Two Singaporean students have made it to the global finals of the Google Science Fair for their project which seeks to find a possible source of renewable energy from food waste — such as sugarcane pulp sourced at hawker centres here.
Chosen from a shortlist of 100 regional entries, Emma Tan and Jenevieve Ho, both students at the National Junior College, will be among 20 teams of students to fly to Google’s international headquarters in Mountain View, California in the United States this July to present their project to a panel of judges.
Running since 2011, the annual online competition allows students from around the world between the ages of 13 to 18 to submit proposals which offer innovative solutions to real world problems in the fields of science, technology, engineering and maths.
Winners of the grand finals will receive a total of US$50,000 in scholarship funding to further their education.
To tackle the issue of growing food waste, the girls proposed converting food waste into clean, renewable energy to meet rising demand for electricity globally.
They sought to determine if food waste could be used in microbial fuel cells (MFC), which is a bio-electrochemical device that converts organic substrates into electrical energy. MFCs are seen as a potential source of renewable energy and an alternative to fossil fuels. Some commonly-used substrates, which are substances that are required in a chemical reaction, in MFCs are pure forms of carbohydrates such as glucose.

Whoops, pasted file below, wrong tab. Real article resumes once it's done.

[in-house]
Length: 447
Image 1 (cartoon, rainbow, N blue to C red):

Research has been done to find sustainable, low-cost material that can replace glucose as a substrate, but there is a dearth of research on the use of food waste.
Given that food waste contains many carbohydrates and is available easily, the girls decided to use common types of food waste for their experiment — specifically banana peels and the inner and outer layers of sugarcane. The duo sourced for juiced sugarcane pulp from hawker stalls and bananas from supermarkets, and subsequently tested them in MFC set-ups.
From their experiments, they found that food waste could indeed be used as a potential substrate in MFCs.
They also found that among the three types of food waste tested, banana peels made the best substrate as it had the best voltage performance, comparable to glucose.
This was followed by the outer layer of sugarcane and then the inner layer of sugarcane.
In their submission to the competition, Miss Tan and Miss Ho said that their study was “a step closer” to making MFC a more viable alternative source of energy, and would contribute to the fight against climate change.